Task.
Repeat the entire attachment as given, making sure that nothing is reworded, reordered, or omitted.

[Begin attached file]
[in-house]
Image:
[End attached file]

[in-house]
Image: